The History of Lake Wales, Florida

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Lake Wales is a lively city with a charming, small-town atmosphere, and is known as Florida’s own “Crown Jewel of the Ridge.”

The city truly has a rich history with some very impressive attributes, and we’re confident this post will have you loving Lake Wales as much as we do!

Founding and Early History

The city of Lake Wales has its roots in a survey of the region conducted in 1879 by Sidney Irving Wailes, a land agent employed by the State of Florida following the Civil War.

During his survey, he changed the name of a local lake from Watts Lake to Lake Wailes. Though this spelling was later altered for the name of the town, the lake retains its original spelling.

By 1911, the area attracted the attention of a group of Florida businessmen, who subsequently formed the Lake Wales Land Company and purchased 5,000 acres of forested land surrounding Lake Wailes.

The Lake Wales Land Company believed the rich wilderness surrounding the lake would serve as an excellent center for the booming lumber and turpentine industries. Additionally, the region’s soil, with its sandy composition, had great potential for growing citrus fruits like oranges and grapefruit, something the area is still known for today.

The city’s original settlers arrived that first year and quickly got to work setting down the foundation for a thriving metropolis.

Onward and Upward

By 1917, the year the city was incorporated, Lake Wales already contained a 100-student school, a local newspaper, telephone service, an electricity plant, and a number of paved roads.

And by 1921, when Lake Wales was granted its municipal charter, it had reached the status of fifth-largest cattle-producing area in the world.

The year 1925 saw Lake Wales connected to its costal brethren, as the Atlantic Coast Line Railroad placed a stop along its route in the city, providing swift travel to Virginia, South Carolina, North Carolina, Alabama and other areas of Florida.

Bok Tower Gardens

This beautiful National Historic Landmark is one of Lake Wales’ most impressive sites and is a beloved part of the community.

In 1921, Edward K. Bok and his wife Mary L. Bok endeavored to create a lush garden and bird sanctuary atop Iron Mountain, the highest point in peninsular Florida. This goal was carried out by 1929 and included thousands of species of local flora, including:

  • 1,000 oak varieties
  • 10,000 azaleas
  • 500 gordonias
  • 300 magnolias
  • 100 sabal palms
  • Assorted fruit-bearing shrubs

In 1930, famed landscape architect Frederick Law Olmsted Jr., who had overseen projects in the everglades and Yosemite National Park, designed the grounds. He additionally assisted in planning Lake Wales’ expanding borders.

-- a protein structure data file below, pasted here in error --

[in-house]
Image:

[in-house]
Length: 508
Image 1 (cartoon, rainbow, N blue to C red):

Serving as the centerpiece for the gardens is the Singing Tower, a beautiful structure built at the time of the gardens’ excavation, which houses the Anton Brees Carillon Library. Words cannot do the tower justice, however, for its ornate marble façade, hand-crafted sculptures, and beautiful stained-glass windows need to be seen in person to be fully appreciated.

Today, the Bok Tower Gardens serves as a preserve for more than 126 bird species, including:

  • Cranes
  • Quails
  • Woodpeckers
  • Swallows
  • Cuckoos
  • Owls
  • Ducks
  • Swans
  • Herons
  • Hummingbirds
  • Hawks
  • Eagles
  • Bluebirds
  • Orioles
  • Starlings
  • Mockingbirds
  • Kingfishers

Dixie Walesbilt Hotel

The Dixie Walesbilt Hotel (also known as the Hotel Grand), located in the Lake Wales commercial historic district, is a significant feature in Lake Wales’ local lore.

Built in 1926, this impressive structure was erected with the financial backing of famed silent film stars Thomas Meighan, Mary Pickford, Gloria Swanson and Clara Bow, along with Hollywood attorney Nathan Burkan and film producer Victor Heerman.

With an imposing façade and a lush interior featuring Italian-made ceilings, marble floors, a wrought-iron balustrade, and several shopping arcades, the hotel was designed to be the epitome of early 20th century American architecture.

After changing hands over the decades and being placed on the U.S. National Register of Historic Places in 1990, the hotel closed its doors in 1995. However, ongoing renovations by a group of dedicated locals are underway to restore the hotel to its former glory.

Come for a Visit!

Of course, to truly experience all of the rich culture and history of Lake Wales and the surrounding area, you should come and explore it for yourself.

And while you’re in town, make sure to reach out to Water’s Edge of Lake Wales to schedule a tour of our impressive community and discover all that we can do for you!